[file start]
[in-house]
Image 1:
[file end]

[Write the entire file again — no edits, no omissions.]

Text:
[in-house]
Image 1: